In collaboration with the Doris Duke Charitable Foundation and Open Society Foundations, the François-Xavier Bagnoud (FXB) Center for Health and Human Rights at Harvard University today urged the Biden-Harris transition team to advance public health policy recommendations detailed in a new report, titled From the War on Drugs to Harm Reduction: Imagining A Just Overdose Crisis Response, to help address the opioid crisis equitably and amend harsh criminal justice practices disproportionately imposed on Black, Indigenous and People of Color (BIPOC) communities.
“Even before the COVID-19 pandemic, when overall overdose-related deaths were beginning to decline, the number of overdose deaths among people of color continued to rise across the country,” said Dr. Mary T. Bassett, director of the FXB Center. “Under the new administration, we are confident our recommendations will go far in closing these inequitable gaps. As President-Elect Biden understands first-hand the experience of loving someone who lives with drug addiction, we know that his commitment to a just response is real, and that countless others affected by the ongoing crisis can feel hopeful toward achieving necessary reforms for real change.”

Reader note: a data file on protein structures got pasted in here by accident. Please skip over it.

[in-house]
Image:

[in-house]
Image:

The report’s recommendations recognize and respond to structural health disparities, racially motivated drug policies, class inequalities and sustained disruption of social safety nets. Some of the recommendations include:
- Setting up a bulk purchasing fund to procure overdose reversal medication (naloxone) and Medications for Addiction Treatment (MAT) at lower prices
- Expanding Medicaid to ensure access to quality health care
- Divesting from punitive and carceral approaches to address drug use and reform the criminal legal system
- Creating a national campaign to address stigma and misconceptions and allocate funds to form a non-profit foundation that coordinates a national-level response and serves as a non-governmental watchdog
To download the full report and related infographic, please click here.